Expect Thanksgiving Dinner Shopping Challenges, Thanks to Supply Shortages and Rising Food Costs

Turkey Yichuan Cao/NurPhoto via Getty It’s not even November yet and already, planning Thanksgiving Day


Yichuan Cao/NurPhoto via Getty

It’s not even November yet and already, planning Thanksgiving Day dinner just got that much more stressful.

According to multiple new reports, widespread supply-chain challenges stemming from the coronavirus pandemic have led to high grocery prices and worsening out-of-stock rates for a variety of staples in Thanksgiving Day meals.

That means that checking off items on a grocery list is going to cost shoppers more than usual, and many items might be tough to track down.

The price increases are all around, too, market analysts told The New York Times.

Turkey, typically at the center of any Thanksgiving spread, has gone up so much that the price per pound is likely to surpass $1.36, the benchmark set by the Department of Agriculture in 2015. (Frozen birds between 8-16 lbs. already cost 25 cents more per pound than they did a year ago, the organization said.)

That up-charge can be traced back to the price of corn, used to feed the turkeys by commercial farmers, more than doubling between July 2020 to July 2021, the Times reported.

thanksgiving dinner

thanksgiving dinner

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It’s not just the turkeys in trouble. “Nearly every component of the traditional American Thanksgiving dinner, from the disposable aluminum turkey roasting pan to the coffee and pie, will cost more this year,” agricultural economists, farmers and grocery executives told The Times.

Canned cranberry sauce will cost more because China’s new environmental limitations on steel plants have made prices more than 200% higher than before the pandemic, The Times reported. Domestic steel factories, meanwhile, are still catching up on production after lockdown.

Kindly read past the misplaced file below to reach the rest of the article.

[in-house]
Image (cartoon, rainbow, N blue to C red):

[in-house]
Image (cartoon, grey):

Commercial bakeries have also seen the amount they spend on ingredients rise, which means things like packaged dinner rolls will be pricier than usual, the outlet added.

Blame can be placed all around, from inflation and high transportation expenses to labor shortages, supply chain backups, and economic trade policies.

Even weather is playing a factor, The Times said — like Hurricane Ida, which shut down cane-sugar refineries in the South, or this year’s severe drought, which impacted the country’s Brazil’s production of coffee (yes, coffee will be harder to find and more expensive too).

RELATED: Americans Have Already Started Planning Their Thanksgiving Dinners, Survey Finds

Cost increases are one thing, finding products are another.

According to a report by CPG market researcher IRI, the latest data from its supply index shows that stock on many products in the Thanksgiving-related food categories are running low.

In-stock rates for refrigerated and fresh-baked pies are all down between 5-11% since last year, IRI reported, as are the availability of frozen pie/pastry shells and whipped toppings. Costs for all those items are 6% higher than they were last year.

Liquid gravy might be the hardest to get. IRI says it has the lowest in-stock rates, down 11% from a year ago and 9% from the last two months.

And of course, basic supply and demand means that shoppers shouldn’t expect major holiday promotions. IRI’s promotion tracker indicates that fewer discounts and deals will likely be made to customers this year. In fact, IRI reports that retailers are running 1% to 9% fewer promotions on Thanksgiving items now as compared to the same period last year.

RELATED: CDC Says Vaccinated People Should Still Wear Masks During Holiday Season to Minimize COVID Risk

All of this coincides with the increase in the number of Americans getting the COVID-19 vaccines, which are leading to losening health guidelines. Experts tell The Times that after restricted holiday celebrations in 2020, this year is expected to see more families gathering than before.

That’s going to lead many families to stretch their shopping budgets, at a time when the economy is still bouncing back from the pandemic.

“I can buy that this will be the most expensive Thanksgiving ever, but there’s an income-inequality story here that matters a lot,” Trey Malone, an agricultural economist at Michigan State University, told The Times. “The rich are going to be spending more on Thanksgiving than they have ever spent before, but not everyone is going to be able to do that.”